Be Not Afraid

And the angel said unto them, Fear not: for, behold, I bring you good tidings of great joy, which shall be to all people. For unto you is born this day in the city of David a Saviour, which is Christ the Lord.

Luke 2:10-11

There are tough times ahead. Things are likely to get a lot worse before they get any better. Not that famine or plague threaten us, or even incipient war; for the time being, we are still coddled, yes and swaddled too, into a comfortable immobility, by our continued prosperity and remaining might. But for conservatives, for traditionalists and reactionaries in particular, and in general for anyone who holds normal moral convictions, a time of persecution – political, social, economic – appears to have dawned, especially if they happen to be Christian. There is reason to expect that, even in this time of burgeoning prosperity, the sword of the state might descend upon the necks of such as we.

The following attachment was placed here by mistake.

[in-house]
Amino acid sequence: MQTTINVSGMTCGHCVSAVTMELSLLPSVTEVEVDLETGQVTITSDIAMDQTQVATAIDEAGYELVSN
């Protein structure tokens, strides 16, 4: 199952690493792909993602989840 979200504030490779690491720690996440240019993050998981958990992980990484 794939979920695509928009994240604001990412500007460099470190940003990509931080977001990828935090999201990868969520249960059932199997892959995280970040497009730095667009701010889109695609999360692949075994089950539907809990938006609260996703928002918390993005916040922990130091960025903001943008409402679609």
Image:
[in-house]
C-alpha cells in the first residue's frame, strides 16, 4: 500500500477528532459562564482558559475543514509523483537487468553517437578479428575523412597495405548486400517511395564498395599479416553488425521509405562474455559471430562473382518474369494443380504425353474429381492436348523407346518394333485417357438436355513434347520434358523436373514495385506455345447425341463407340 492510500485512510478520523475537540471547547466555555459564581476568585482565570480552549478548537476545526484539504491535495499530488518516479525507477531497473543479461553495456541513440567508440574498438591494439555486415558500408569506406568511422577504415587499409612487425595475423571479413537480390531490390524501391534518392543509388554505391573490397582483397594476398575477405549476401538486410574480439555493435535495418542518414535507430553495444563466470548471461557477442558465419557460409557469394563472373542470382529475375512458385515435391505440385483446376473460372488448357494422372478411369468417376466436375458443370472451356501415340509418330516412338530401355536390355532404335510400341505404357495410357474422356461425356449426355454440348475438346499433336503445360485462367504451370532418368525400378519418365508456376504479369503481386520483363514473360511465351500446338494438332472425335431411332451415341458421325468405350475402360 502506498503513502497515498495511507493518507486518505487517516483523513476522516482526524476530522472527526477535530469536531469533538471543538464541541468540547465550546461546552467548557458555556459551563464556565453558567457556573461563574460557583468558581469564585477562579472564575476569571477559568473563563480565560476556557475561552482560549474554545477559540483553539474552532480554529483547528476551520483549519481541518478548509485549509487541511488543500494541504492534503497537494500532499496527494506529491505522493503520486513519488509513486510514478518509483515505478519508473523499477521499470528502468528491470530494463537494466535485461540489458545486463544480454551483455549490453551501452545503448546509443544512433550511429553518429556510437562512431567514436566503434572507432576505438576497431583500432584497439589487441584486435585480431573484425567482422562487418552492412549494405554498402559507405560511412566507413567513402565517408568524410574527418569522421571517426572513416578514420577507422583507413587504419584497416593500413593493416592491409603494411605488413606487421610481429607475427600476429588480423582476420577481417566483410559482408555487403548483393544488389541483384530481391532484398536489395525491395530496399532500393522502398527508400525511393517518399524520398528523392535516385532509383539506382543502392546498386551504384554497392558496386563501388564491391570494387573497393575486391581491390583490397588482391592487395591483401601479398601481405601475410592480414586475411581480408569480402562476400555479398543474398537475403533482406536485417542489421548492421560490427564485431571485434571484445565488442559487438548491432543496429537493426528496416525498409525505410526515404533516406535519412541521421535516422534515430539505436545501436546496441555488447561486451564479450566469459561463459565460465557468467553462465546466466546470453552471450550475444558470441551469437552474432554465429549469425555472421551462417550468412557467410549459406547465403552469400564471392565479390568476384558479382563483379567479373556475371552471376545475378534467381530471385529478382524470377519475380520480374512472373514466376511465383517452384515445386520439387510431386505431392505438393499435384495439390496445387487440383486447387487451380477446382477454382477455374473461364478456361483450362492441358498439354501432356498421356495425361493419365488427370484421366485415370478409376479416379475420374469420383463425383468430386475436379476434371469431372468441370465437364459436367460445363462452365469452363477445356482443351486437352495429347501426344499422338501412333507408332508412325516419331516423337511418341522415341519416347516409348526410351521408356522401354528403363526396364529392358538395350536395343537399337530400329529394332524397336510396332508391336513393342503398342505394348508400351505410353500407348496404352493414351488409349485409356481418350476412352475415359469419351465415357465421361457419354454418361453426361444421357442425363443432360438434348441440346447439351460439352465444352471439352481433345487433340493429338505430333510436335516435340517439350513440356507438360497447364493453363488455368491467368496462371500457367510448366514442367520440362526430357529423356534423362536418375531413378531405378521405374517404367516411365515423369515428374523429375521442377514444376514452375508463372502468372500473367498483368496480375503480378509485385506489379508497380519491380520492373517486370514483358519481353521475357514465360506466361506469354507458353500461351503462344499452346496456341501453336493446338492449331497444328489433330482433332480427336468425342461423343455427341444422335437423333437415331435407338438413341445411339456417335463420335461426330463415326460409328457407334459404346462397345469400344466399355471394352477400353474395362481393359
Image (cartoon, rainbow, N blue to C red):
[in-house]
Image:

And of course, there are good reasons to worry about global war and pandemic, and so famine. Things could go badly off the rails at any moment. This is always so, to be sure. But our condition along these dimensions seems now particularly delicate. One feels that we are poised at the verge of an abyssal precipice.

But there is no reason to fear. Indeed, there is one insurmountable, unstoppable reason to share with each other this holy day good cheer and happiness, and indeed contentment at our parlous circumstances: namely, that the total, complete victory of the Good, the Right, the True, and the Beautiful is absolutely ensured by the mere existence of God. If God exists, nothing whatsoever can prevent his eventual victory – and ours, so long as we make clear to him (and, what is perhaps more important, to ourselves) our utter commitment to his side in the battle against evil.

If God exists, the battle is won already. All we need to do is choose which side to fight on: the losing side, or the winning. Which side will win is a foregone conclusion.